I said, in this post, Writing Your Book: Write First, Research Later | Write a Book: Just Write A Book Blog:
“Forget “write what you know”.
Focus on “write what you want to know, or can look up, or ask someone about.”
Specifically, you need to know the genre in which you’re writing.
Make sure you’re widely-read in your chosen genre, so that you get the details right. Genre readers know their chosen genre. If you make mistakes you could and should have corrected in your second or third draft, you’ll look like a klutz.
* Let’s say you’re writing a serial killer mystery. You need to get the crime scenes right. Groups like crimescenewriter on Yahoo help with specific questions. ASK the questions when you’re revising your novel to make sure you get the details of crime scenes and police procedure right. Interview a real live homicide detective;
* Let’s say you’re writing a Regency romance. You need to be up on all the details of this period. That includes knowing how a character would address a duke’s heir, and how the duchess would be addressed. It means understanding roads and how people travelled in that era.
I was skimming reviews on Amazon this morning (I read them for fun), and had a giggle when a first-time writer was scalded with one-star and two-star reviews for her Regency romance. Reviewers called her on easily-corrected mistakes. The mistakes she made which readers mentioned could have been corrected by spending ten minutes checking details. I hope the author corrects those mistakes.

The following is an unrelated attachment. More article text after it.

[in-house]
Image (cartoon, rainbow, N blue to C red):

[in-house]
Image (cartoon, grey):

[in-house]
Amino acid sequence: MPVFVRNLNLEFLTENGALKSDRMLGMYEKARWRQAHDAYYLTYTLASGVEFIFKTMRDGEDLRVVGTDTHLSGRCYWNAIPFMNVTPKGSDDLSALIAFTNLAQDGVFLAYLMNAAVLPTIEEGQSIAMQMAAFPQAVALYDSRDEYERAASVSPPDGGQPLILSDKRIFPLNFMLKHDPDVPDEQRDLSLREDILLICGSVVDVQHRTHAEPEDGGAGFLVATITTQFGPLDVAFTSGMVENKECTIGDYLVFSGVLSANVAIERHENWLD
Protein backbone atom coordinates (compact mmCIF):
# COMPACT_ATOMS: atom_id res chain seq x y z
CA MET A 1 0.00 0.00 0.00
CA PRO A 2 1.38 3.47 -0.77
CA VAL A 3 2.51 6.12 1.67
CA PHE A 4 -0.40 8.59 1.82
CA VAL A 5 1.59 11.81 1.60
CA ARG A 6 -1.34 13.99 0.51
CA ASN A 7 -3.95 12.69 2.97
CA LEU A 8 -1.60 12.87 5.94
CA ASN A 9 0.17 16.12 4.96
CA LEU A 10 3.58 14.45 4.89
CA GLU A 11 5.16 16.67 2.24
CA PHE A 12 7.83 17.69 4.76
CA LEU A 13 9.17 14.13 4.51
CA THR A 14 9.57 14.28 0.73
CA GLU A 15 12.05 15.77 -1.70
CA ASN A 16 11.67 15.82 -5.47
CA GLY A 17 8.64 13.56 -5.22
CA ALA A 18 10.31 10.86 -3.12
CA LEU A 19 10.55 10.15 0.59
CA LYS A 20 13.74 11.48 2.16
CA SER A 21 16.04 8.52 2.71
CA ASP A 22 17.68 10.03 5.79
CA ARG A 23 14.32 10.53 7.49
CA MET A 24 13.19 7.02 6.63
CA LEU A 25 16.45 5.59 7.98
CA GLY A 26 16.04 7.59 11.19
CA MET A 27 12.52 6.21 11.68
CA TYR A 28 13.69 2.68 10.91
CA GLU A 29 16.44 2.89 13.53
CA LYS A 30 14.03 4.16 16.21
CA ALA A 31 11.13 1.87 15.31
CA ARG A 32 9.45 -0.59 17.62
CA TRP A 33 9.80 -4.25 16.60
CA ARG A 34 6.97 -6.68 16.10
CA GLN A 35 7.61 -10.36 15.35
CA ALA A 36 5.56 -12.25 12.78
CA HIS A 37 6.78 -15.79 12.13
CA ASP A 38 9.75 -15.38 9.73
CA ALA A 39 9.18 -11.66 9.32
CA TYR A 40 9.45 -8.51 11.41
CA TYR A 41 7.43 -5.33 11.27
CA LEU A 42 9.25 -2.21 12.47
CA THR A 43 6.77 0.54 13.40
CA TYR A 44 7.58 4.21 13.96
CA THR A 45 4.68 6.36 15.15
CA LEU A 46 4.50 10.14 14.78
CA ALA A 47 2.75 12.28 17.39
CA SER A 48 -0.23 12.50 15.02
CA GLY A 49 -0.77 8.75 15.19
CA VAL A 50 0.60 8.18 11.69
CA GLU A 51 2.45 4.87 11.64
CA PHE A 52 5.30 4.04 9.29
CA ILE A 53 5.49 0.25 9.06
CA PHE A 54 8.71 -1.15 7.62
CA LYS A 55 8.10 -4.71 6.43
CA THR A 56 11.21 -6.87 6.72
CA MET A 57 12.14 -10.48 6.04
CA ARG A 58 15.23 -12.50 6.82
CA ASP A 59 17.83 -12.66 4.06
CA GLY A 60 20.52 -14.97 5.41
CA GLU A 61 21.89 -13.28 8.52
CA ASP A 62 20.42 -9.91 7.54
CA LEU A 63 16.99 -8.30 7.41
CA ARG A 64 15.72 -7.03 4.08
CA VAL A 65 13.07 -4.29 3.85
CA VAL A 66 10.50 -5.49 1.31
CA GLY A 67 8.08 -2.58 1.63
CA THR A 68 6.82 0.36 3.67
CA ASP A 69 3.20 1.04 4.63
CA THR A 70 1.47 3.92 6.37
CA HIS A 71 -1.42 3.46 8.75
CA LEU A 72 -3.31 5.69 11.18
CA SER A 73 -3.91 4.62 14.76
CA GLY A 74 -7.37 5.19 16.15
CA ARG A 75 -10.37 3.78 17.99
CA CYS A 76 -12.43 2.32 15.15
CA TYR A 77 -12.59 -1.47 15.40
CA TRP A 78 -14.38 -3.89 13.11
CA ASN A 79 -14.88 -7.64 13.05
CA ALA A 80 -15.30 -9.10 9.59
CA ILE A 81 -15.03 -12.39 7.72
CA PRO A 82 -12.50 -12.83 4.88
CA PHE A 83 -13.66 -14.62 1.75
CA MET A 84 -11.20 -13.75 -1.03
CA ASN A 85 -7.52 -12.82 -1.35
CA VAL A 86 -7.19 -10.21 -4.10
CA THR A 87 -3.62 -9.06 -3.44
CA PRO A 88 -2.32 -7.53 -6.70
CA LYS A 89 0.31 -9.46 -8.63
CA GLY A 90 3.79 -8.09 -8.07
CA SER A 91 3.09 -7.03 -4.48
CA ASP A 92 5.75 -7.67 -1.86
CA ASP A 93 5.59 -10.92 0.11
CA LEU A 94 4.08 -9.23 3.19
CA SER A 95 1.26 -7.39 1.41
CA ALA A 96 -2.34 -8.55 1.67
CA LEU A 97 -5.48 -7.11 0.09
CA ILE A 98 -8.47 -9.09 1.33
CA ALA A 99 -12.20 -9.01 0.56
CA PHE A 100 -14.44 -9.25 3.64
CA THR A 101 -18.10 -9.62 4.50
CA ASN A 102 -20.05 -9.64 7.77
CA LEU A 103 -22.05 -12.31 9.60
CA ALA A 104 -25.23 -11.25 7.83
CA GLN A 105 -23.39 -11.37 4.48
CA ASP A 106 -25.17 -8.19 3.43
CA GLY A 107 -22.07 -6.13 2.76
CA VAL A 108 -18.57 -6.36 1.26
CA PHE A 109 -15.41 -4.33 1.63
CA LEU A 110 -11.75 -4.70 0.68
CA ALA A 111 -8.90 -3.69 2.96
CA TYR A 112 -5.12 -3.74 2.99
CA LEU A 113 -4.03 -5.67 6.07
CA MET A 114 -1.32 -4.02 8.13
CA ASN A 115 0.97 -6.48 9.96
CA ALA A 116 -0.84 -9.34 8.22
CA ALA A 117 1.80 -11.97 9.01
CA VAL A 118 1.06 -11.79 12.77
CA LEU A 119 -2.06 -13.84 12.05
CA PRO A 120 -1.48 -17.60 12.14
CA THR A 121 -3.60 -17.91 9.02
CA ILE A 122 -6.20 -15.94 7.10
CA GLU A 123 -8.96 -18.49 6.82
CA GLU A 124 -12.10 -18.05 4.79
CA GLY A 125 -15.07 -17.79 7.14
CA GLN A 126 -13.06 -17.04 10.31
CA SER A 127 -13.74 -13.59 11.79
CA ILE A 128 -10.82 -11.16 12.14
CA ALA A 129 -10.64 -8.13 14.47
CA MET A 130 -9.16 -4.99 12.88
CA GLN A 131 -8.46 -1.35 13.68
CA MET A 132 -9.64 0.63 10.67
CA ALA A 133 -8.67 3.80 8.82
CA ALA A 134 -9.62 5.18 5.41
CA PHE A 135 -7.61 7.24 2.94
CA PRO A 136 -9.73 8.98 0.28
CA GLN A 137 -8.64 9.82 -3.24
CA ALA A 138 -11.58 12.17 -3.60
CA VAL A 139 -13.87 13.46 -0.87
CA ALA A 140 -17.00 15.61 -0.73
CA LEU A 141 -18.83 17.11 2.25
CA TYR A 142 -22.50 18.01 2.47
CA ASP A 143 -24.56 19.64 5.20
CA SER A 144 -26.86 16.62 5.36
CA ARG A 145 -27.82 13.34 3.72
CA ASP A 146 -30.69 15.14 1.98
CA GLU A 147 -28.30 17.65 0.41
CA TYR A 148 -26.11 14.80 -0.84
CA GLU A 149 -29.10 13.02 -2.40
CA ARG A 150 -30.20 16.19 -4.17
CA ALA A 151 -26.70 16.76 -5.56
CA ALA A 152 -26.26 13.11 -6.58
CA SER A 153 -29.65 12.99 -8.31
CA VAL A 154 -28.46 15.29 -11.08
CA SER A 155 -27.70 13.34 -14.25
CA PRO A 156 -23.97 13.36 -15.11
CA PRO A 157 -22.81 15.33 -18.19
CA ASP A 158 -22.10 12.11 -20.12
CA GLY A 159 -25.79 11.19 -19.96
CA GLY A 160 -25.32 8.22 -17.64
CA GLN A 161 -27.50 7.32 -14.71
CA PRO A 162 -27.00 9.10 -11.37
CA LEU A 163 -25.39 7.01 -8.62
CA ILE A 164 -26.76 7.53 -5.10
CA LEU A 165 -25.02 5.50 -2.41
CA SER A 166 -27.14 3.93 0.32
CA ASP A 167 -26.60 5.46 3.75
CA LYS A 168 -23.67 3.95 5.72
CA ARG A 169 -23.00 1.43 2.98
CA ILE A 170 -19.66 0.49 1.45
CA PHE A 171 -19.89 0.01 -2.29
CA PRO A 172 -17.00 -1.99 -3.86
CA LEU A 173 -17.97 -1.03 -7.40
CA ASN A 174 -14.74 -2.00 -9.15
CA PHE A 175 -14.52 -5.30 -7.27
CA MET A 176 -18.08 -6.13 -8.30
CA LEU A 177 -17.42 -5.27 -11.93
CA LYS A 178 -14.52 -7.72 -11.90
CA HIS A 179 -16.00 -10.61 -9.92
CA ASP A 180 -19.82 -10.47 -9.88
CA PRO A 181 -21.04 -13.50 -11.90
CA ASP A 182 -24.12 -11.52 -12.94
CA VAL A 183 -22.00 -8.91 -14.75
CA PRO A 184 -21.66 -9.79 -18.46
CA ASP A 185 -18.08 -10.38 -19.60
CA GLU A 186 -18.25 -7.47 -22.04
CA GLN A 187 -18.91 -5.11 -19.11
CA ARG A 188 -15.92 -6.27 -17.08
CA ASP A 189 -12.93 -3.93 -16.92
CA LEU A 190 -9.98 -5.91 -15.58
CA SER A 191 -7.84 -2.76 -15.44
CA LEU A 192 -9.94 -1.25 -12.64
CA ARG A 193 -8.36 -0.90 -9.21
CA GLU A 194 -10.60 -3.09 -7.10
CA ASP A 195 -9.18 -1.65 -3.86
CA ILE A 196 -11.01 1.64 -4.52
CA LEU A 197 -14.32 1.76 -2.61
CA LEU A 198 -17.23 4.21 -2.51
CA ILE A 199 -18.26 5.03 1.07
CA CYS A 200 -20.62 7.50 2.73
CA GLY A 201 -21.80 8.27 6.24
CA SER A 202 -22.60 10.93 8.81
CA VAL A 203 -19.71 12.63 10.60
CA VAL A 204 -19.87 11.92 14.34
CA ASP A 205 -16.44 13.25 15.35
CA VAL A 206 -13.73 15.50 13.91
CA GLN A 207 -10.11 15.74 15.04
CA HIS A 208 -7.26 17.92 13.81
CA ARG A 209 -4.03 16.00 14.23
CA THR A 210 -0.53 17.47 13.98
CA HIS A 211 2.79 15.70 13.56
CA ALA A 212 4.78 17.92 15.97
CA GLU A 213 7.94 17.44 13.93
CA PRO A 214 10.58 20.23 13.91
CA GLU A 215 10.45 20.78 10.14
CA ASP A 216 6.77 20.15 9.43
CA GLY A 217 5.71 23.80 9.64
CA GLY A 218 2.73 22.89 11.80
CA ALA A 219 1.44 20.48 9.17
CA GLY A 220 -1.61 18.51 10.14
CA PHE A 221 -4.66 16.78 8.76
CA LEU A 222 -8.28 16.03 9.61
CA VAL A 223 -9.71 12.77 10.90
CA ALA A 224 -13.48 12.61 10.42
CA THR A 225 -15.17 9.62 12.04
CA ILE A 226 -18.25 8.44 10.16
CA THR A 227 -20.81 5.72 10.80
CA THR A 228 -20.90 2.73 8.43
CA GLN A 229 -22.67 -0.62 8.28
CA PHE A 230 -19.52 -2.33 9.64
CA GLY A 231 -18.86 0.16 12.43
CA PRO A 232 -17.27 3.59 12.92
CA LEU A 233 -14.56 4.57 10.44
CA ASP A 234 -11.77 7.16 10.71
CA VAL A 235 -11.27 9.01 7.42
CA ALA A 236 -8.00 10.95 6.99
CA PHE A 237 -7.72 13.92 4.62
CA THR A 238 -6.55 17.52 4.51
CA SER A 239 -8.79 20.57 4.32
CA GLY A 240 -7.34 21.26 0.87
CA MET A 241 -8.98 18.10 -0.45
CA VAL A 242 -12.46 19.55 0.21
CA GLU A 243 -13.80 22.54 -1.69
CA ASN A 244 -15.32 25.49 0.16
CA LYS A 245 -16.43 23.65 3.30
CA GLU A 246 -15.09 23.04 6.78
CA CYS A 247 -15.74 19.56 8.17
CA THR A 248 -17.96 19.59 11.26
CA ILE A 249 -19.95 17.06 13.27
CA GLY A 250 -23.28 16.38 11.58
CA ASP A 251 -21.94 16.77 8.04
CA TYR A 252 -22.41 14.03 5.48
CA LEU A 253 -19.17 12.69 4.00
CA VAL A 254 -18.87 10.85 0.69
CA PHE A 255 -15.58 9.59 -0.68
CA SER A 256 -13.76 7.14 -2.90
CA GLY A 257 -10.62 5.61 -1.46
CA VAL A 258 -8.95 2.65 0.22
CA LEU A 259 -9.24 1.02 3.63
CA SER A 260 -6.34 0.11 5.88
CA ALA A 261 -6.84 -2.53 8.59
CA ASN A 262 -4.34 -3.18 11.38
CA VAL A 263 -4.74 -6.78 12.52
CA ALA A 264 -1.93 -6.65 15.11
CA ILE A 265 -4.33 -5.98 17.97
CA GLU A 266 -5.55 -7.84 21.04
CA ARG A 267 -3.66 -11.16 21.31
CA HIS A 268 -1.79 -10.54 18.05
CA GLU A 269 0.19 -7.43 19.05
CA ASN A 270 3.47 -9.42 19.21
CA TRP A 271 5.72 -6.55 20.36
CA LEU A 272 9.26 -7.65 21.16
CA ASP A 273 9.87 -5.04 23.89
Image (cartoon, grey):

When you’re writing a genre novel, your readers are aficionados of the genre, and in the case of historical novels, they’ve read many novels set in the period you’ve chosen.
It’s impossible to write the “perfect” novel, and never make mistakes. You will make mistakes in every novel you write. However, those mistakes shouldn’t be egregious. If something’s easy to look up — details of crime scene procedures, Regency-period forms of address — look them up.
The fear of making mistakes shouldn’t stop you writing. You WILL make mistakes. That’s fine. Just do your best to correct mistakes. ASK questions. Check your facts. For aficionados of a genre, an author’s mistakes, especially if they show the author’s been lazy, show disrespect for readers.
Respect your readers. Do your best. If you aren’t 100% sure of something, ask questions. As we’ve said, you will make mistakes. Just don’t make too many of them, and when you do make a mistake correct it as soon as you can.
Latest posts by Angela Booth (see all)
- How To Write A Book Without Trying - March 18, 2017
- Plotting Fiction: 3 Tips For Creating Better Plots - March 11, 2017
- Self-Publishing Disaster: 3 Tips To Rebuild Your Confidence - March 2, 2017